here’s the code(click on it):
I think you have time-series here, but us a tabular learner. This one is, if I understood that correctly, mainly learning embeddings but not the dependencies between the timesteps. If you look carefully your training loss goes down but valid goes up quite a bit. I think you use the wrong model, so it does not work.
The classic thing to try first here is an LSTM model I guess. I did not find a good fast.ai resource, only pure PyTorch, for doing that with sensor data (I have some PyTorch code here: https://github.com/joergsimon/xai-tutorial-april-2020 ). So maybe some more fast.ai experts might help you here.
As a side note: You did put a learning rate more or less at the end of the plot, where we also have a valley. For this tabular learner, you might also try with lr of f.e. 1e-4. But again, I think this is not the right model for the task anyway.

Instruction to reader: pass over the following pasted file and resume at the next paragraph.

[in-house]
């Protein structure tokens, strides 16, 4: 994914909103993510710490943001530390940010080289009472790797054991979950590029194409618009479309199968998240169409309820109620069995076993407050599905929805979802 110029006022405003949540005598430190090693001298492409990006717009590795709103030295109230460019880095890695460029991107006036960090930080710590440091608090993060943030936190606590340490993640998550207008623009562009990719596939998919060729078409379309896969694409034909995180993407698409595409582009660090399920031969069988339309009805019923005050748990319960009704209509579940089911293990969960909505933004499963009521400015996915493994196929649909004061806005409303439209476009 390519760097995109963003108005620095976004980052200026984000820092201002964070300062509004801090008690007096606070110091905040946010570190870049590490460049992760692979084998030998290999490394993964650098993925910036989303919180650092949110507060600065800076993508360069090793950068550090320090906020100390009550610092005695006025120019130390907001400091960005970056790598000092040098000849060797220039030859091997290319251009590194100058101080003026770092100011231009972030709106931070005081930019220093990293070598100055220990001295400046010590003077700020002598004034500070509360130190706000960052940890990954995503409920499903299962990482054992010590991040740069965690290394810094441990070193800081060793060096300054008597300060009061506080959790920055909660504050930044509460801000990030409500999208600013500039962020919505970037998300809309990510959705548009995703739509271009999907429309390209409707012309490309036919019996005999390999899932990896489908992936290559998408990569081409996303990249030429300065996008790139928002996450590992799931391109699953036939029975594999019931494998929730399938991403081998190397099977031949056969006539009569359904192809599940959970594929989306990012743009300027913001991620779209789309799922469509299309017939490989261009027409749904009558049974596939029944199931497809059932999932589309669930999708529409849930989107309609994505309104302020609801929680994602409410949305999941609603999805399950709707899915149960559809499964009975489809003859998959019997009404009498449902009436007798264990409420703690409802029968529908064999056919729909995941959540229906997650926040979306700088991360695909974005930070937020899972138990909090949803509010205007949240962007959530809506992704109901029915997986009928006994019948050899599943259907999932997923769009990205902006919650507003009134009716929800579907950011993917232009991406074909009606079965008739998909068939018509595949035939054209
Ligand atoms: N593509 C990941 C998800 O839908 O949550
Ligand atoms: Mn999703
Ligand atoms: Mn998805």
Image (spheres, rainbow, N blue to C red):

Interesting new (to me at least) package below, which is an implementation of the popular prophet but with pytorch, and the AR-net is using fastai2.
If I interpret your data correctly, you have an EEG with 14 channels and around 15k long. There’s a column for the output. I guess the data is equally spaced and index in time.
If that is the case, the choice you made is not very helpful.
It would be better to use a time series model that takes subsequences of the entire sequence.
But the first thing you need to do is to convert the data you have into samples that can be processed by a time series model.
You may want to take a look at data preparation in the
tsai library. You would need to create an array with shape: [n samples x channels x timesteps] using the
SlidingWindow function. There are examples that show how to use this function.
That output is something you can then use to create a TSDataLoaders and a model like InceptionTime. These approach tends to work much better. Please, let me know if that works.
This tsai preparation library is amazing. This type of library has noodled in my head for over a year. I can’t believe you have done this. Really amazing.